By Hadi M. Nor
Pix Credit:
As Malaysians, we have our own slang in speaking and writing English like adding the word ‘-lah’ in our sentences and speaking the ‘Rojak Language’. For example, “Macha, the makan place at your house there, cun ar?” (Possibly the most 1Malaysia sentence ever written.)

It’s okay that we have our own slang like other countries do and speak English in our own mother tongue’s intonations but words, however, must be said correctly.

Pronounciation – Pronunciation (Pro-nun-si-a-syen)
I was watching Akademi Fantasia one day and one of the judges (whom shall not be named) gave a comment on the performer’s pronunciation of words in singing an English song.

“Your pro-NOUN-ciation must be correct.”

Ironic, isn’t it?

Please remember, the word ‘pro-NOUN-ciation’ does not exist. While I’m typing the word in Microsoft Words, a red underline appears, justifying my point. Don’t be confused, the word ‘pronounce’ is correct but its noun is ‘pronunciation’.

Stik – Steak (Steyk)
‘Stik’ is the Bahasa Melayu word for ‘steak’. As I’ve mentioned above, it is okay to use the Rojak language but using this word in an English sentence will confuse people.

Its pronunciation is similar to the English word ‘stick’, which means a long and slender piece of wood. It also means a shoot cut off from a shrub or a tree.  

Pix Credit: 123rf.comStick does not taste like steak.
Wayfle – Waffle (Wuhf-fuhl)
I really appreciate it when someone rectifies my pronunciation. However, someone once corrected my already correct pronunciation. The conversation went like this:

“One waffle, please.”

“You mean ‘way-fle’?”

“Yes, one ‘way-fle’, please.”

I was hungry and I didn’t care what you call that grid-like cake at the time. But, the correct pronunciation is wuff-fuhl. Stress out the letter ‘f’ in the word.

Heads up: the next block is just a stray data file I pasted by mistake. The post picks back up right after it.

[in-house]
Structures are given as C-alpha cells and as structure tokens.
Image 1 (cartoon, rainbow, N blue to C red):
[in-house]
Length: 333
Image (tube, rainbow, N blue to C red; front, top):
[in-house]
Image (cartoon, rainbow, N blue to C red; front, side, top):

Collownel – Colonel (Kuh-nuhl)
‘Colonel’ is a military rank but this word is more widely used in KFC for its ‘Colonel Menu’. The pronunciation for this word in US English is ‘kur-nuhl’. You might be wondering, where did the first ‘L’ in the word go? Well, it disappeared along with the ‘H’ in the word ‘hour’.

Dye-vorce – Divorce (Dee-vaus)
Hearing people mispronouncing this word is a very rare occasion but I’ve heard it more than once, which means that there are many others out there who are still in the wrong.

It’s easy to be confused with this word’s pronunciation because of other words that pronounced ‘di’ as ‘dye’, for example, ‘dimension’, ‘direction’, ‘dilute’ etc.

Congrates – Congrats (Kawn-grats)
In the novel Zombijaya written by Adib Zaini, there is a part where the main characters deliberately pronounced the word ‘congrats’ as ‘congrates’ as a mock of some local celebrities (whom, unfortunately, shall not be named).

‘Congrats’ is a shorter version of the word ‘congratulations’. A lot of people joked that ‘congrates’ is Socrates’ older brother, which is also a mispronunciation as Socrates is ‘Sok-ratis’ and not ‘sokrets’. Am I the only one who finds this joke hilarious?

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"That's not funny, dude."
Siu – Sew (Soh)
It’s easy to mispronounce the word ‘sew’ as we are accustomed to words spelled almost the same way such as ‘new’ and ‘few’. The correct pronunciation is ‘soh’.

The past tense for this word, which is ‘sewn’, is also commonly mispronounced. Its correct pronunciation is almost like its present tense, which is ‘sown’. However, ‘sown’ is the past tense of the word ‘sow’ that means scattering seeds on Earth. ‘Sown’ and ‘sewn’ have the same pronunciation because English is a funny language.

Filem/Flim – Film (Film)
This is the word that is so commonly mispronounced that people avoid saying it. (Thank God for the word ‘movie’.) The pronunciation of this word requires exercise for the tongue. Just like the word ‘helm’, the letter ‘L’ must be drowned out by the ‘M’.

‘Filem’ is the Bahasa Melayu word for ‘film’ whereas ‘flim’ was possibly invented by a typo. Even though it only has one syllable, but a lot of people still find it difficult to say it properly.

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Hold up, hold up...this is pasta, not the state! Omnomnom!!
Bolockniss/Bolocknize/Bolocguhniss – Bolognese (Baw-law-neze)
Malaysians’ love for food does not stop them from mispronouncing one of the most famous dishes in the world. This word has a distinctive sound to it because it came from the city Bologna, Italy.

Keep in mind that the ‘G’ in the name is silent.
For more words that are commonly mispronounced, click here.